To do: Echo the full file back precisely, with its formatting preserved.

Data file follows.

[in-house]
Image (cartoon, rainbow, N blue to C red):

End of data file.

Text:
[in-house]
Image (cartoon, rainbow, N blue to C red):